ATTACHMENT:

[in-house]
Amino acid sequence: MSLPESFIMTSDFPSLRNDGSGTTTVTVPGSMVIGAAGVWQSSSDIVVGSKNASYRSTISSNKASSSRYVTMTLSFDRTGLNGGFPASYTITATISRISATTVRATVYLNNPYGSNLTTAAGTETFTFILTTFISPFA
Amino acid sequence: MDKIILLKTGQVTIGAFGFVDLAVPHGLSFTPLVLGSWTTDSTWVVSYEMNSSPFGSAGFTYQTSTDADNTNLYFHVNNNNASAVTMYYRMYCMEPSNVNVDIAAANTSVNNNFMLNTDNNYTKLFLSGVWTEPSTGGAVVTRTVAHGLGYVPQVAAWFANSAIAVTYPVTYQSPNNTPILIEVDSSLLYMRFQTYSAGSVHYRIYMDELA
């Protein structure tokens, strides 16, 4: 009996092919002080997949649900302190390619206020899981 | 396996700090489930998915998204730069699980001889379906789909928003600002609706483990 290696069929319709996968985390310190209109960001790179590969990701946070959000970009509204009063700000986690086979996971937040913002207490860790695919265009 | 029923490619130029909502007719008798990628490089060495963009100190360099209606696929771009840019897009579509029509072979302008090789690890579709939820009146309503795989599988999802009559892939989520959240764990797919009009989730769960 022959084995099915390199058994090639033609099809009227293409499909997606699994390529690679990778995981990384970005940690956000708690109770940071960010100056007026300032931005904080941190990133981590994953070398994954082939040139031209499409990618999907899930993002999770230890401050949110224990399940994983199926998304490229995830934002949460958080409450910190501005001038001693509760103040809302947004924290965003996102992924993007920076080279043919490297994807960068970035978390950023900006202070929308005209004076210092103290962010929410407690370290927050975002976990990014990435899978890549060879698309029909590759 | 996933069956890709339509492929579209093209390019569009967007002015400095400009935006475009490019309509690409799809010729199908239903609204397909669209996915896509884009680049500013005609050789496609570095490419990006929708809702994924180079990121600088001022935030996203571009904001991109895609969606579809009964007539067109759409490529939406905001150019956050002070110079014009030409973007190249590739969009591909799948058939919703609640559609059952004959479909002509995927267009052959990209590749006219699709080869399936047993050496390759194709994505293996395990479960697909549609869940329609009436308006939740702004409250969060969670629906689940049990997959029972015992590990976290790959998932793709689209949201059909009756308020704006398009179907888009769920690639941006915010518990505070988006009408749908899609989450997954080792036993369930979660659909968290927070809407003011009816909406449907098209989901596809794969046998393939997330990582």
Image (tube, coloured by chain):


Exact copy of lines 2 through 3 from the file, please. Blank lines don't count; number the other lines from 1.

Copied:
Amino acid sequence: MSLPESFIMTSDFPSLRNDGSGTTTVTVPGSMVIGAAGVWQSSSDIVVGSKNASYRSTISSNKASSSRYVTMTLSFDRTGLNGGFPASYTITATISRISATTVRATVYLNNPYGSNLTTAAGTETFTFILTTFISPFA
Amino acid sequence: MDKIILLKTGQVTIGAFGFVDLAVPHGLSFTPLVLGSWTTDSTWVVSYEMNSSPFGSAGFTYQTSTDADNTNLYFHVNNNNASAVTMYYRMYCMEPSNVNVDIAAANTSVNNNFMLNTDNNYTKLFLSGVWTEPSTGGAVVTRTVAHGLGYVPQVAAWFANSAIAVTYPVTYQSPNNTPILIEVDSSLLYMRFQTYSAGSVHYRIYMDELA